A three-band bill in a private lending library. A Ramone from Queens and the Queer Queens of Qomedy. Relentless jazz and rampaging Rachmaninoff. Yale closing out its concert season. ... Diversity rules the cultural calendar.
Monday, May 12
Look It Up
Ben Schmidt, the Northeastern University history professor who writes the Sapping Attention blog and contributes to the open-source search tool Bookworm, lectures on “Exploring Massive Textual Collections Through Metadata” today at 10 a.m. in Yale’s Bass Library (110 Wall St.). It’s a cooler topic than you realize; harnessing and picking through all the information that’s now available to us online is where the true power lies in today’s world. (203) 432-1810.
Three Angels on His Shoulder
Christopher Joseph Ward played bass for The Ramones from 1989 until the band’s farewell in 1996. Then he played with the guy he replaced onstage in the band, Dee Dee Ramone, in The Ramainz. The Queens-born Marine Corps veteran is still going by his adopted name of C.J. Ramone, under which he recorded the 2012 album Reconquista. and will play Café Nine tonight. Local punks The Lost Riots and Damn Broads are also on the bill. 250 State St. (203) 789-8281. $13-$15.
Tuesday, May 13
Do It for the Community
If you can’t find arts events to get out to tonight, learn how to get funding to make your own. There’s an information session regarding the Mayors Community Arts Grants Program, which distributes thousands of dollars to community-based cultural projects. Learn what’s eligible (everything from concerts to block parties to public art) and remember the deadlines: Community Arts Grant letters-of-intent are due May 23 and applications are due June 6. The info session is at Stetson Branch Library, 200 Dixwell Ave.
Another way to join the arts community: Two separate Open Mic nights tonight on Crown Street: 8:30 p.m. at Kelly’s Gastro Pub (196 Crown St.. 203-776-1111), hosted by Bob Edwards with support from Ultra Radio; and 8 p.m. at Stella Blues (204 Crown St., 203-752-9764) with host Seth Adam.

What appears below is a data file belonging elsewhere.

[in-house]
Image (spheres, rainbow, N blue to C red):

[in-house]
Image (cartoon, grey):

Wednesday, May 14
The New Haven Preservation Trust is leading an “architectural tour” around the site of the Strong School in Fair Haven. Several different school buildings have been built there in the past century, and the most recent one is now vacant. There are plans to turn it into a community arts center. The tour, titled “A New Life for Fair Haven’s Strong School” is free, but you must register as there’s a limit to how many can take part. (203) 562-5919.
After a week of previews, tonight’s the opening night of The Last Five Years, Jason Robert Brown’s musical about a failed relationship, told from two different perspectives and in two different time frames. This new production of the 13-year-old show is directed by Long Wharf Theatre’s Artistic Director Gordon Edelstein, stars Adam Halpin and Katie Rose Clarke, and features a set by Eugene Lee. The Last Five Years is the last show of the Long Wharf’s 2013-14 season. It runs through June 1. 222 Sargent Dr. (203) 787-4282.
Thursday, May 15
Claes Oldenburg created his revolutionary sculpture Lipstick (Ascending) on Caterpillar Tracks 45 years ago. Two art scholars/curators, Paulina Pobocha of the Museum of Modern Art and the Yale Art Gallery’s own Pamela Franks, show off Oldenburg’s work (including that impressive lipstick tank) around the Yale campus. Meet 5:30 p.m. at the Yale Art Gallery, 1111 Chapel St. (203) 432-0600.
Rach On! It’s the final New Haven Symphony Orchestra show of the 2013-14 season, and it’s ending with oomph and passion. Two dynamic works will attempt to blow you away: Rachmaninov’s Piano Concert No. 2 in C minor (featuring flashy pianist Ilya Yakushev) and Berlioz’s Symphonie Fantastique. 7:30 p.m. at Woolsey Hall (500 College St.) $15-$69.